The group continues to receive a number of attractive opportunities in local fixed investment spending. Mining, power and oil and gas activity in Africa also continues to offer high growth potential.

Group Five's total secured construction order book as at end December 2007 is R14.1 billion (60% local) and the secured one year order book for F2008 is R7 billion ( 62% local).

Management is satisfied that the group has access to sufficient resources to successfully execute the higher levels of activity ahead.

"The group is therefore well placed to achieve another year of solid earnings growth, while delivering improving value to its shareholders," it said.


Wednesday, 05 December 2007 02:00

Group Five wins road tender in Hungary

Construction company Group Five announced that its infrastructure concessions business, intertoll, was part of a consortium that had been awarded the R11 billion M6 Phase 3 Motorway Project in Hungary.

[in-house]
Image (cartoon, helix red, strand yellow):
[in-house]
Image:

Construction IndustryIntertoll held 10% of the concession company and would lead the operations and maintenance activities for the project, it said.

Revenue was expected to start flowing through to Intertoll from the beginning of next year, with full-scale operations beginning in 2010.

Intertoll’s partners on the project are Strabag of Germany, France’s Colas and John Laing Infrastructure from the UK.

The 78km dual carriageway project includes the construction and maintenance of 55 structures and four tunnels totalling more than 3km. The 30-year concession project reached financial close on November 21.

Intertoll was part of Group Five’s infrastructure concessions business and offers toll system design, procurement, implementation and operation, together with related services such as routine road maintenance.

The business has equity interests in two other service concessions in Eastern Europe and operates toll roads in SA.